7 January 2012, gsparaco @ 3:40 pm
Return Of The Marquis De Sade (Mid Valley 511)
Palais Des Sports, Paris, France – September 22nd, 1970
(71:37): Buddy Guy & Junior Wells with Eric Clapton: It’s My Life Baby. The Rolling Stones: Backstage Report, Jumping Jack Flash, Roll Over Beethoven, Sympathy For The Devil, Stray Cat Blues, Love In Vain, Dead Flowers, Midnight Rambler, Live With Me, Little Queenie, Let It Rock, Brown Sugar, Honky Tonk Women, Street Fighting Man
The Rolling Stones always had an affinity for the city of Paris. The French city took to them early in their career. Several concerts were broadcast on Europe 1 such as the April 18th, 1965 show at L’Olympia (found on Paris Match (Dog N Cat DAC-007)) and on April 11th, 1967 (one of their final live shows with Brian Jones and which is unfortunately undocumented).
On their first tour of Europe on four years, The Stones played three shows at the Palais Des Sports on September 22nd, 23rd and 24th. Paris was the only city to schedule more than one show.
September 22nd, the first night, was broadcast live on French radio on Europe 1. The complete broadcast was recorded off the air and has been released several times in the past, including Paris 1970 (Idol Mind Productions IMP-CD 014) in 1992 and Paris Affair (VGP-127) in 1997.
It is a good mono recording, lacking in significant dynamics but is a good record of the show. Mid Valley sounds a bit more clean than the other titles. The radio DJs never stop talking, however, chattering between each song and even during some songs, like in the middle of “Midnight Rambler” and during half of “Live With Me.”
Mid Valley also include one song from the opening act. Buddy Guy and Junior Wells opened the three shows for the Stones, and on the first night were joined by Eric Clapton for “It’s My Life Baby.” Clapton, who was touring the UK as Derek And The Dominoes for the second time, flew over for this one song and returned the next day in time for a show in Brighton the next night. Clapton’s presence in the song is immediately noticed by both audience and announcers, who start jabbering over Clapton’s wonderful solo.
The next track is a very short fragment from backstage. One of the DJs asks one of the Stones (not sure which one) if Clapton will be joining The Stones also. The answer is in the positive, although Clapton ultimately does not jam.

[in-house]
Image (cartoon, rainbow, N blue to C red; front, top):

The Stones deliver a brilliant performance under tense conditions. Ron Schneider, business manager for the Rolling Stones at the time, recalled: “Now for Europe at this time…there was violent unrest in many of the cities. Driving to the Paris show, we had to swerve in and out between overturned burning cars … At the Paris show while I was roaming around back stage, I opened a door behind the stage and walked into a giant room that was filled with black clothed riot gear armed French police.
“As I stated earlier, another interesting note about the Paris concert: word got to Chip Monck that the Hell’s Angels were there and one of them had a gun. We were told that we could spot the Angels because they were shirtless with badges stuck into their chests. Chip got to them and asked if they had a gun … the guy said yes but it was a starter’s pistol and he just wanted to shoot it in the air … he reconsidered…and then there was the audience in Paris. All the royalty had come out and they were in the front rows of the concert.”
The opening notes of “Jumping Jack Flash” set the audience (and announcers) off into a frenzy. The limitations of the tape source lend a strange otherworldly quality to the concert, a dark edge to the songs. It is especially apparent in “Sympathy For The Devil,” “Stray Cat Blues” and “Midnight Rambler.”
“Honky Tonk Women” sounds strange because Taylor’s guitar seems to disappear. The show ends with “Street Fighting Man,” the band’s nod to the 1968 riots in Paris.
Mid Valley did a good, comprehensive job with such a rare show. It’s nice to add the Clapton track and the backstage report. It’s such a good show, it makes one hope there would be a rebroadcast on stereo radio someday, or if the pre-FM master were to surface. THAT tape would be the definitive live statement of the 1970 European tour. Return Of The Marquis De Sade (I’m not sure what the Marquis De Sade has to do with the Stones – and I didn’t even know he left) is packaged in a standard jewel case with nice and thick inserts. It’s a quality production very much worth having.
VN:F [1.9.22_1171]The Rolling Stones - Return Of The Marquis De Sade (Mid Valley 511),